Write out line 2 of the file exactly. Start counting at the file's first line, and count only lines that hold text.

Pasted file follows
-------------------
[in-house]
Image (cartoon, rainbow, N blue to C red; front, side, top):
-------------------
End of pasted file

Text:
Image (cartoon, rainbow, N blue to C red; front, side, top):